Michael Rostovtzeff, in his Iranians and Greeks in South Russia, [footnote: Oxford 1922, Clarendon Press.] revealed to me the Nomad Civilization of the Great Eurasian Steppe.
I have and read a long time ago his The Social and Economic History of the Roman Empire (Oxford, Clarendon Press, 1926). I don’t know how it’s viewed now or whether its class-based interpretations of late Roman history stand up. Its interest in economic matters is unToynbeean, but even in that it must have appealed to him. It must be one of the great works of twentieth-century historiography.
It ends with a passage which sets it in its time:
“The evolution of the ancient world has a lesson and a warning for us. Our civilization will not last unless it be a civilization not of one class, but of the masses. The Oriental civilizations were more stable and lasting than the Greco-Roman [“unchanging east”], because, being chiefly based on religion, they were nearer to the masses. Another lesson is that violent attempts at levelling have never helped to uplift the masses. They have destroyed the upper classes, and resulted in accelerating the process of barbarization. But the ultimate problem remains like a ghost, ever present and unlaid: Is it possible to extend a higher civilization to the lower classes without debasing its standard and diluting its quality to the vanishing point? Is not every civilization bound to decay as soon as it begins to penetrate the masses?”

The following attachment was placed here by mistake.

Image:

He was, of course, an exile, in the US. The Social and Economic History of the Hellenistic World came later (Oxford, Clarendon Press, 1941).
What was the relationship between Christianity and social and economic history?
A Study of History, Vol X, OUP, 1954